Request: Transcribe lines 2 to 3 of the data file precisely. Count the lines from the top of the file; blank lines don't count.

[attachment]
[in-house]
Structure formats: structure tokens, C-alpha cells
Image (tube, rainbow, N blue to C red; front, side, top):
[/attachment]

Structure formats: structure tokens, C-alpha cells
Image (tube, rainbow, N blue to C red; front, side, top):